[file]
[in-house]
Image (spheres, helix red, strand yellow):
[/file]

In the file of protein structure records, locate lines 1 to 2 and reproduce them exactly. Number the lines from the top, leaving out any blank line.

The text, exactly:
[in-house]
Image (spheres, helix red, strand yellow):